The budget this year has some encouraging plans for start-up entrepreneurs. However, we have to see whether it goes implantable for the plans or policies that are not put into implementation are useless.

So, both the private sector and the government should work collaboratively to help those plans be implemented.

As a business leader representing the new generation, what new investment plans have you come up with?

There is nothing absolutely new to talk about, but, in our Group and the companies under it, what I encourage is working with a system, procedures and in an organized way.

This will ensure a comfortable environment for both our employees, staffers, and stakeholders. We particularly focus on a transparent way of working.

The private sector that had been operating in the traditional way has adopted digitalization of late. How has this affected you especially in improving your performance?

The private sector, especially, the business community had not been much updated in the information technology sector till the last five or six years. Its progress had been very sluggish.

However, the lockdown and prohibitory orders that were enforced to curb and control the coronavirus pandemic somehow pushed us to digitalization more swiftly, esp. the arrival of e-wallet or e-banking.

The use of SEP and software in the private sector has significantly increased in recent times. Digitalization has to be welcomed by all as it enhances both efficiency and productivity.

Although Nepal is an agricultural country, it is dependent on other countries for agricultural products. What do you think is the reason behind it?

I definitely think it is due to the low production. India seems to have focused on mass production, but in our country, the production has been declining in the last 10-15 years. It’s mainly due to the cost of production and the market.

The middlemen who play between the farmers and the sellers are causing the surge in market price. For example, the price of potatoes and onion imported from India is relatively less than those produced in Nepal. The main cause for it is the high cost of production. The solution lies in reducing the cost of production.

In India, the farmers get the price they deserve since the government buys products from them. Here also, if we make a similar system, the cost of production can be minimized.

Golyan Group has joined the agricultural sector in Nepal by opening a non-profitable Golyan Agro Company. What prompted the Group to join this sector? How is your company doing now?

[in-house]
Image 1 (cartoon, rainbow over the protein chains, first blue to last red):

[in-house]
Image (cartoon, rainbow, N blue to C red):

It’s all because of my father’s initiation and determination. My father’s dream had been, for more than the last five or six years, promoting the agricultural sector of Nepal.

Every time he visited the village and met the farmers, he used to feel inspired by their hard work and used to wonder why we are still heavily dependent on the import of the goods when we have such a large potential in the country. In the 1960s or 70s, while he was in Biratnagar, he enjoyed the local products.

The taste and the quality of the food then, as he said, were superb (smiles). This made him think of doing something worth for the agriculture sector that has such a high potential.

Another factor is our desire to see Nepal becoming less dependent on others; at least in the goods and items that can be produced locally.

Regarding your question about the condition of our Agro Company, it’s not so comfortable yet. We faced hard times in the initial days due to the pandemic. We are learning and growing gradually. We are optimistic we can contribute better.

The trade deficit is increasing every year. The volume of imports is more than the goods we export. Yours is one of the Groups involved in the export of goods. As one of the key exporters, what are your suggestions to reduce the trade deficit?

The government seems slightly concerned about the issue now. Most of the suggestions in such issues might sound too theoretical, yet we have to mention them.

The first thing we have to think about for reduction of trade deficit is to make the products competitive. Being a landlocked country, we have not been able to compete with other countries in terms of logistic cost and transportation cost.

Provided the government takes some initiation, we can address this issue. To enhance export, it is equally important to discourage imports.

For example, if we reduce the cost of production in agriculture and reduce the logistic cost, our products can be circulated throughout the country.

We have an immense market within the country as well. If we managed to meet the internal needs from our products, obviously, our burden of import decreases. Moreover, we can also export our goods at a competitive price.

Let us talk about the real-estate sector. Golyan Group has invested in the real-estate sector as well. How is this business now?

Concerning our investment in real estate, we have currently two projects in housing. Both are complete now. In Balkumari, we have constructed 212 apartments.